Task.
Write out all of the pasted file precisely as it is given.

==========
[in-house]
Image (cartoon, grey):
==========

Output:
[in-house]
Image (cartoon, grey):